Sleep Paralysis: 11 Things You Need to Know About the Condition

Sleep Paralysis: 11 Things You Need to Know About the Condition

Most people will not be aware of sleep paralysis. If you’ve never experienced it, consider yourself lucky.

Sleep paralysis is a medical condition where a person, on waking up, experiences a sense of paralysis, along with the inability to move or speak. It is also commonly accompanied by horrible hallucinations, which makes the situation a whole lot scarier.

Here are 11 facts that will teach you all you need to know about the condition.

1. It is affected by lifestyle

Image result for stressed man

Several studies have consistently proved that people who are exhausted, stressed or sleep-deprived are more likely to experience sleep paralysis. However, these are only factors – doctors have been trying for a very long time to understand why one experiences sleep paralysis, but there has been no specific explanation for it so far. It can happen to anyone.

2. It is not dangerous or life-threatening

There is no denying that sleep paralysis is a scary and horrific experience, but there is no actual danger. to your physical health. It does not cause any physical harm to the body. There have been no deaths reported from sleep paralysis.

Sleep paralysis sufferers all have their own coping mechanisms. A good idea is to trick yourself into not being scared whenever you experience something like this. Remind yourself that this is not real. It may feel like forever, but the more you remain positive, the less scary it will be. As with anxiety, self-reassurance is the key!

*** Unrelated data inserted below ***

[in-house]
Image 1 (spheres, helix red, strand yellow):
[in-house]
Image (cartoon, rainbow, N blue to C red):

3. You lose control of your body

No matter how hard you try, even if somehow you are aware of your state of sleep paralysis, you cannot wake your body up. Some people can just move their fingers or wiggle their toes or facial muscles. This eventually helps them wake up, but a majority of people have to patiently wait till it’s over. The state of sleep paralysis can last anywhere from 20 seconds to a few minutes.

4. It has always been a problem

Researchers have been attempting to explain and understand this phenomenon for centuries. A persian medical texts, which dates back to the 10th century, also has accounts of sleep paralysis. There was also a record of sleep paralysis by a Dutch physician in 1664. The physician believed that his patient, a 50-year-old woman, was suffering from ‘nightmares’, a term which is still used today. Eventually, it was renamed as ‘sleep palsy’ and then ‘sleep paralysis’.

5. It has inspired great works of art

Image result for henry fuseli sleep paralysis

An important historical example of sleep paralysis can be seen in this Renaissance painting by Swiss painter, Henry Fuseli. The demon displays the feeling of extreme pressure on the chest that a person feels when they experience sleep paralysis. It’s an accurate portrayal of how it can feel.

6. It is *not* a disease